Summer is hot on our heels as temperatures have been soaring toward triple digits here in the Bay Area. The sudden warm up this week gives us the perfect opportunity to feature this month’s scorching photo taken above California’s high desert.
On a recent flight, we had the opportunity to land at the Mojave Air and Space Port. Upon arrival, we quickly realized, it is not just another desolate airstrip in the middle of desert, but, rather a piece of history that happens to be home to one of the aircraft graveyards on the West Coast. On a remote corner of the airfield, Mojave has become the final destination for thousands of commercial aircraft for many decades. From various generations of 747s, to Tri-Jets, biz-jets, and even some classic fighters, some aircraft may be parked for short term storage but most have retired from service and are being parted out or scrapped.
The Mojave Air and Space Port has evolved tremendously since its opening in 1935. A small rural airfield that once served the gold and silver mining industry, has today, emerged as the leading aerospace test center for commercial operations in North America. In 2004, the airport became “America’s First Inland Spaceport.” The National Test Pilot School, one of the only accredited civilian test pilot centers in the U.S. is also located on the field.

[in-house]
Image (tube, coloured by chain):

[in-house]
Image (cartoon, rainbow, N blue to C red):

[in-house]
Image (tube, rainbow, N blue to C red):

There are many tenants at Mojave playing a vital role in the Aerospace Industry. One of the most notable is Burt Rutan’s Scaled Composites, which is well known for the development and journey of the Model 76 Voyager and SpaceshipOne. In 2005, Rutan joined forces with Richard Branson to create The Spaceship Company to build a fleet of WhiteKnightTwo and SpaceShipTwo reusable space-transports to support the Virgin Galatic human spaceflight program.
As we piled in the airplane to continue our journey home, we even got to witness the high altitude flying Scaled Composites Proteus return from a mission and taxi back to base. If that wasn’t exciting enough, as we headed for the runway, a friendly voice from the tower informed us that to our right was the last flying Lockheed L-1011 TriStar, the “Stargazer” – the mother ship that carries the Pegasus Rocket.
If you’re drivin’ or flyin’ by, I would highly recommend you to explore Mojave.
P.S. The chili at restaurant is good too! Even on a hot day.
Have a great June,
Tayler B. Schmitt